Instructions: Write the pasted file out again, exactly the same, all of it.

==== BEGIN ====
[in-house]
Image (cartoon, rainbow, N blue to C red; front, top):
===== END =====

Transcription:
[in-house]
Image (cartoon, rainbow, N blue to C red; front, top):